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History comes to life at Nelson’s Dockyard

Nelson’s Dockyard appears to have stepped back in time. Three masted schooners, yawls, ketches, flags flying in Antigua’s usually reliable east winds, have replaced the modern boats and motor yachts. 

A sign that the Antigua Classic Yacht Regatta has arrived. 

The classics regatta is often passed over for its more famous sister, Antigua Sailing Week, but this week 50 boats from around the world in different classics classes gather in Nelson’s Dockyard to celebrate the boats, to race, party and boast with tall (ships) stories! 

Events take place in the historic Dockyard, a classic location for a classic event. From the Dockyard’s 18th Century beginnings to the 21st Century thriving tourist and sailing community, the shades of sailors and men who worked and lived here float in every brick and every breeze. 

From the regatta’s opening party with the irresistible rhythms of Hell’s Gate pans, stilt walkers effortlessly defying physics and gorgeous dancers, to the glorious parade of sail following the final race, it’s a testament to the enduring allure of classic yachting. 

Skipper of the second oldest boat in the fleet, 1925 Adventurer, Alex, said “it’s not about the racing, it’s about getting the boats on the water and telling stories.” With an open mic night, Caribbean evening, crew events throughout the week, the racing somehow manages to fit in! 

The boats have stories to tell. The oldest in the fleet is Alvei, a 1920 three masted square topsail schooner. She has seen life as a herring drifter in Scotland, a mineSweeper in WWII, now the schooner that stands above the fleet today. 

1938 Nordwind was originally owned by the Nazi head of submarine fleet, now owned and loved by German industrialist Hans Brecht.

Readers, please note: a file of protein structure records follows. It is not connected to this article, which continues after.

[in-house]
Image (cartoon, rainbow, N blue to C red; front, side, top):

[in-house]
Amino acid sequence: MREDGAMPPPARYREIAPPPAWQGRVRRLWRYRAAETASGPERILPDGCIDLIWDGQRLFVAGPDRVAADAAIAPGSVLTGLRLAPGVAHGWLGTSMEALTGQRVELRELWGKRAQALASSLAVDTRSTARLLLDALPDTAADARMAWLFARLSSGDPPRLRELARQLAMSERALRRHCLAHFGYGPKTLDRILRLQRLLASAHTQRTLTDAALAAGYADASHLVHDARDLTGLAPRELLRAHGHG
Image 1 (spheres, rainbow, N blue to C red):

If only the boats could talk. 

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From its early days as a race between friends from Antigua to Guadeloupe  as the original Sailing Week, the race has become a must-do regatta on the global calendar of sailing events.  Hundreds of tourists – with and without boats – sail or fly to Antigua’s shores to take part in the festivities, many staying to enjoy sailing week too.  

Sailing is more than just a pastime in Antigua; it’s ingrained in the very fabric of the island’s identity. Beyond the  pristine beaches and lush landscapes, the maritime tradition runs deep, fostering a thriving ecosystem of economic vitality. The influx of visitors drawn by regattas such as the Classics Regatta and Sailing Week injects a welcome boost to the local economy, buoying businesses from local eateries to bustling marinas. These events create a ripple effect, generating employment opportunities in hospitality, tourism and maritime services,  providing a livelihood for many Antiguans. Yet beyond the realm of commerce, sailing holds a deeper significance, embodying a sense of freedom and adventure that resonates with seafarers the world over. 

In Antigua, sailing is not merely a sport; it’s a way of life—one that continues to shape the island’s culture, economy and collective identity with each passing wave. Antigua classic Regatta says it all.

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